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- National Institute of Diabetes and Digestive and Kidney Diseases: Celiac Disease
- MayoClinic.com: Acne
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Numerous diseases are caused or provoked by dietary factors. According to the U.S. Department of Agriculture, the type and quantity of food or beverages you consume can have a significant effect on your health. In some cases, the food you eat may cause certain diseases or symptoms to manifest. Diet-related diseases can affect most of your body's systems, depending on your specific disease. Diet-related diseases can be mild, moderate or severe.
Celiac disease is a diet-related disease that affects your small intestine. According to the National Institute of Diabetes and Digestive and Kidney Diseases, celiac disease is caused by a gluten intolerance that interferes with your absorption of nutrients from food. Gluten is a protein in wheat, rye and barley. Although gluten is usually found in foods, it may also be found in consumer products such as medicines, vitamins and lip balms. According to the NIDDK, more than 2 million Americans have celiac disease. Celiac disease affects people in all parts of the world.
- Celiac disease is a diet-related disease that affects your small intestine.
- According to the National Institute of Diabetes and Digestive and Kidney Diseases, celiac disease is caused by a gluten intolerance that interferes with your absorption of nutrients from food.
Foods Least Likely to Cause Acne
Acne vulgaris, or simply acne, is a diet-related disease, especially common among American teenagers. Acne can be distressing, annoying and persistent. Acne lesions heal slowly and are often replaced by new blemishes. Although hormones are believed to be the most common cause of acne among teenagers, other possible causes include abnormal shedding of dead skin cells, a buildup of bacteria and certain dietary factors, such as:
- the consumption of breads
- foods containing refined sugar
- according to the MayoClinic.com 1
Any food that causes your blood sugar to spike may contribute to acne lesion formation.
- Acne vulgaris, or simply acne, is a diet-related disease, especially common among American teenagers.
- Although hormones are believed to be the most common cause of acne among teenagers, other possible causes include abnormal shedding of dead skin cells, a buildup of bacteria and certain dietary factors, such as: * the consumption of breads
* foods containing refined sugar
* according to the MayoClinic.com 1 Any food that causes your blood sugar to spike may contribute to acne lesion formation.
Irritable Bowel Syndrome
Irritable bowel syndrome is a diet-related disease that causes significant abdominal discomfort. According to the University of Maryland Medical Center, irritable bowel syndrome occurs when smooth muscle in your large intestine contracts slower or faster than normal. The UMMC states that between 10 and 20 percent of people in the United States experience irritable bowel syndrome at some point in their lives, and that the condition affects almost twice as many women as men. Common signs and symptoms associated with irritable bowel syndrome include abdominal pain, cramping, gasiness, sudden episodes of diarrhea and constipation. According to the UMMC, diet plays a significant roll in irritable bowel syndrome.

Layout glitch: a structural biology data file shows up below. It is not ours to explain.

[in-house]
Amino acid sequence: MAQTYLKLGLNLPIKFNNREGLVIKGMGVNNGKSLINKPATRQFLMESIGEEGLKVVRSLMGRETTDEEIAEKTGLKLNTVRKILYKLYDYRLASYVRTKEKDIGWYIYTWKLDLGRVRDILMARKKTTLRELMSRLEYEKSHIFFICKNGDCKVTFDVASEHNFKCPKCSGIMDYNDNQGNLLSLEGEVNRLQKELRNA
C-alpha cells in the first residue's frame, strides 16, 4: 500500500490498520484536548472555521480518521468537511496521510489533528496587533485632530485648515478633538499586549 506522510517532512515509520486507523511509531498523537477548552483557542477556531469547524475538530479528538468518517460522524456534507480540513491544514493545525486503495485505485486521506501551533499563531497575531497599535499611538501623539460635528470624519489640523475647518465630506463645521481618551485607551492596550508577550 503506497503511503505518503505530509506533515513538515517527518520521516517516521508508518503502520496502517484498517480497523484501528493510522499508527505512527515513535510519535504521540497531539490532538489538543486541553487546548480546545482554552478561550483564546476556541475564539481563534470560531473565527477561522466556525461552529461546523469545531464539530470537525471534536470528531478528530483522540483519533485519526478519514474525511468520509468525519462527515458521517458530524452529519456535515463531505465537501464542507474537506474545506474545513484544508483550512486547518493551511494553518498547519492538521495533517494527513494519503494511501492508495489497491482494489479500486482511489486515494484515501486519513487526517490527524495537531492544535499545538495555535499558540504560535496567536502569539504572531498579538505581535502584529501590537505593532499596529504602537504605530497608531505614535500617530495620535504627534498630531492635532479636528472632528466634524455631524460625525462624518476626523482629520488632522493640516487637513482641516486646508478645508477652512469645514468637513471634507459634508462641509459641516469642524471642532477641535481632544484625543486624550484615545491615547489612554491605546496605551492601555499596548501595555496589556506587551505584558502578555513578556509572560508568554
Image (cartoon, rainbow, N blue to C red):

- Irritable bowel syndrome is a diet-related disease that causes significant abdominal discomfort.
- According to the UMMC, diet plays a significant roll in irritable bowel syndrome.
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- MayoClinic.com: Acne
- Pappas A. The relationship of diet and acne: A review. Dermatoendocrinol. 2009;1(5):262–267. doi:10.4161/derm.1.5.10192
- Caproni M, Bonciolini V, D'Errico A, Antiga E, Fabbri P. Celiac disease and dermatologic manifestations: many skin clue to unfold gluten-sensitive enteropathy. Gastroenterol Res Pract. 2012;2012:952753. doi:10.1155/2012/952753
- Smith RN, Mann NJ, Braue A, Mäkeläinen H, Varigos GA. A low-glycemic-load diet improves symptoms in acne vulgaris patients: a randomized controlled trial. Am J Clin Nutr. 2007;86(1):107-15
- Lebwohl B, Sundström A, Jabri B, Kupfer SS, Green PH, Ludvigsson JF. Isotretinoin use and celiac disease: a population-based cross-sectional study. Am J Clin Dermatol. 2014;15(6):537–542. doi:10.1007/s40257-014-0090-8
- Saric S, Notay M, Sivamani RK. Green Tea and Other Tea Polyphenols: Effects on Sebum Production and Acne Vulgaris. Antioxidants (Basel). 2016;6(1):2. Published 2016 Dec 29. doi:10.3390/antiox6010002
- Lebwohl B et a. Isotretinoin Use and Celiac Disease: A Population-Based Cross-Sectional Study. American Journal of Clinical Dermatology. 2014 Dec;15(6):537-42.
- Rashtak S et al. Isotretinoin Exposure and Risk of Celiac Disease. PloS One. 2015 Aug 19;10(8):e0135881.
- Smith RN et al. The Effect of a High-Protein, Low Glycemic-Load Diet Versus a Conventional, High Glycemic-Load Diet on Biochemical Parameters Associated with Acne Vulgaris: A Randomized, Investigator-Masked, Controlled Trial. Journal of the American Academy of Dermatology. 2007 Aug;57(2):247-56.
- Smith RN et al. A Low-Glycemic Load Diet Improves Symptoms in Acne Vulgaris Patients: A Randomized Controlled Trial. American Journal of Clinical Nutrition. 2007 Jul;86(1):107-15.
Martin Hughes is a chiropractic physician, health writer and the co-owner of a website devoted to natural footgear. He writes about health, fitness, diet and lifestyle. Hughes earned his Bachelor of Science in kinesiology at the University of Waterloo and his doctoral degree from Western States Chiropractic College in Portland, Ore.